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How to install Jenkins on Ubuntu 18.04

Jenkins is a  popular solution for automated building, testing and deploying software. It is a very extensible product whose functionality can be extended using plugins. Jenkins requires JAVA 8 as a dependency. This post demonstrates how to install Jenkins on Ubuntu 18.04

Requirements

  • One Ubuntu 18.04 server with non-root (sudo) user
  • Install JAVA 8 – Java Runtime Environment ( JRE ) or a Java Developement Kit (JDK), any one is fine
  • Ubuntu instance should have at least 1 GB of memory and 50 GB+ drive space
  • See Jenkins Official site for Jenkins Master Hardware recommendations

Update Ubuntu

We’ll update Ubuntu machine before running any command for the first time

sudo apt-get update

Installing JAVA 8

As already described JAVA 8 is  required dependency for Jenkins. We’ll be installing Open JDK Java 8 on Ubuntu machine before installing Jenkins.

sudo apt-get install openjdk-8-jre

Installing Jenkins

Jenkins easily get installed on Ubuntu, first you need to add Jenkins repository key to system

wget -q -O - https://pkg.jenkins.io/debian-stable/jenkins.io.key | sudo apt-key add -

When key will be added successfully, you will see OK message on terminal. Next we will append Jenkins Debian package repository address to the server’s source list.

echo deb https://pkg.jenkins.io/debian-stable binary/ | sudo tee /etc/apt/sources.list.d/jenkins.list

When key and repository are added, we will update Ubuntu package management apt-get to start using this new repository.

sudo apt-get update

After successful update we’ll install Jenkins and its dependencies

sudo apt-get install jenkins

Finally, We have Jenkins Installed on Ubuntu 18.04 server. Now we’ll start Jenkins Server

Starting Jenkins

For starting Jenkins we’ll use systemctl command with sudo

sudo systemctl start jenkins

We can check Jenkins running status using systemctl status command

sudo systemctl status jenkins

If everything went well, status output ( shown below ) will show active status of Jenkins.

Setting Up Jenkins

Jenkins by default runs on port 8080. You can access jenkins on your server domain name or IP address: http://ip_address_or_domain_name:8080.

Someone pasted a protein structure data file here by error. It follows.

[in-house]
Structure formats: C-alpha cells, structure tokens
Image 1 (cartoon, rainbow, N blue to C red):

We should have “Unlock Jenkins” Screen which displays the location of the Jenkins password that created automatically while booting.

use cat command to print Jenkins initialAdminPassword on terminal:

cat /var/lib/jenkins/secrets/initialAdminPassword

if you are getting permission denied , you can use sudo before command:

sudo cat /var/lib/jenkins/secrets/initialAdminPassword

We’ll copy this alphanumeric password and paste it to the “Administrator Password” input field and click on continue button.

Next we’ll have “Customize Jenkins” Screen, Click on Install suggested plugins to install most useful plugins.

jenkins-installation-ubuntu

Plugins installation will be started, “Getting Started” screen will also show you install progress and plugins being installed.

jenkins-plugins-installation-getting-started

After completion of installation on next screen we’ll set first admin user. This step can be skipped by continuing as admin ( option shown left to Save and Finish button ) but we will create a admin user named “nixgyd”. Once first user is created you should see “Jenkins is ready!” screen and Jenkins setup is completed.

jenkins-ready

Click on “Start using Jenkins” button to reach Jenkins dashboard.

jenkins-dashboard

Now Jenkins is successfully installed and ready to use.

Change default port

If your any other application is running on port 8080 and you want to change default port. You can edit Jenkins default configuration located at line number 63 in /etc/default/jenkins.

sudo vim /etc/default/jenkins

jenkins-change-port

Restarting Jenkins

If you have changed default HTTP_PORT of Jenkins, you should restart Jenkins to load new configurations.

sudo service jenkins restart

Conclusion

In this tutorial we’ve learned to installed Jenkins on Ubuntu 18.04 server and created an administrative user. It is suggested to run Jenkins over a reverse proxy server and SSL to protect sensitive information like passwords.

Pranav K

Pranav K is a software engineer and all-round computer geek. His interests include AWS, Ubuntu and Wordpress

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